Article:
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Why justify about the cost of a very expensive lunch/dinner?

  • f

In an earlier post some 'hounds are asking how one can spend $650.00 for lunch for two at the French Laundry. Granted this is big bucks for one lunch but this is no ordinary lunch. Overall, in my opinion, I really don't see why we need to justify or explain ourselves as to why or how we spent this money for lunch or dinner. We just did for our enjoyment-period.

Some people think nothing of having $5 coffees every day at Starbucks which adds up to over $1,000 buckaroos in a year. Others like their weekly manicure/pedicures. Whatever. That person is paying for it. Why do we suddenly get a bit moralistic about food being expensive when we think nothing about paying big bucks for cars, houses, jewelry, weddings, etc. Is it that food is more disposable? What about the memory and experience of being in a legendary restaurant like The French Laundry? If I had the choice between one wonderful lunch at the French Laundry for $650.00 or six so-so lunches/dinners at $100.00 each, guess which one I'd go with?

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  1. I agree, my DH and I celebrated an anniversary at Le Gavroche in London last year. It was worth every penny of the over $200.00 we spent for lunch, the food, the room, the service, the whole experience was fantastic. Would we do it again? In a heartbeat. Of course if the dollar gets better in the near future it won't be quite as dear.

    1. While I agree with you that no one needs to justify how much they spend on whatever, $650 for lunch for two is pretty much off the scale, even for the best restaurant in the US. So I can also understand why many would be incredulous. And people do question someone who gets a Starbuck everyday of the week. In fact a lot of financial advisors do advise not getting that coffee.

      3 Replies
      1. re: Peter

        Among other things, at the restaurant in question the lunch menu is the same as the dinner menu. A nine (or sixteen) course tasting menu is the same price whether it's served at noon or at 8 pm (rather, started at those times, since the serving of the meal takes at least four hours). In truth, I think it's better (and healthier) to eat such a meal earlier in the day.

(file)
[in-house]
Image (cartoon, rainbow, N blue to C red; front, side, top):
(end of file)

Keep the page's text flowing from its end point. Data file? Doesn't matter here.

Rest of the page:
1. re: Ruth Lafler

          I think lunch should be cheaper than dinner at French Laundry, just like it is everywhere else. Say maybe $625 ;-)

        2. re: Peter

          Well, I would advise not getting Starbucks every day because their coffee is just not that good, but where I live, a daily latte or mocha is not at all something anyone looks askance at. In fact, there's usually a huge line of the same people at my coffee shop every morning when I stop in for mine (and my rosemary scone)!

        3. From my perspective, it's merely incredulity...I personally was not seeking justification from anyone (except perhaps Thomas Keller, but he is what he is, so I'm not all that interested), just expressing amazement.

          Perhaps some day I will be in a place where that kind of thing is part of my lifestyle...sigh.

          1. Let me start with 'wow'.

            Let me move on to - incredulity? justification?
            The first post to bring up the shock factor was someone making a joke (to the tune of 'they should not only get the bread there on time, they should feed it to you'). I didn't see anyone put down the original post-er or get moralistic about it. In fact, everyone agreed that indeed, waiting 20 minutes for bread was out of line ESPECIALLY at that price.

            The original post-er mentioned the price. OK. Some of us were shocked at that price. OK. I, in all earnesty, asked if there really is a difference between food you pay $300 for and food you pay $600 for? And as I mentioned - at that point is the food REALLY higher quality or is it just name you're paying for?

            I say this, keeping in mind that another poster pointed out that she had all of the same experience one gets at French Laundry for half the price. That leaves me to believe the food must somehow be better. The question still remains. I was 'challenged' to look up the preparation that goes into it. I will. After which I'm sure I'll have more questions.

            I know that I was not asking for justification or moralizing about anything someone else was doing. I was commenting on information that was already put out there (namely the price and another post making light of their shock about the price).

            Shock, for me, does not mean judgement. Shock means shock. Shock means I haven't experienced that (the most I've spent on dinner for two is $300 and I don't regret a second of it). Shock means, wow, that's a lot of damn money. Shock means, "To cause surprise". Nothing up my sleeve.

            Hope that makes it more clear.